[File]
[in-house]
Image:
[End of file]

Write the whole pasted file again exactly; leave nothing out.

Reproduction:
[in-house]
Image: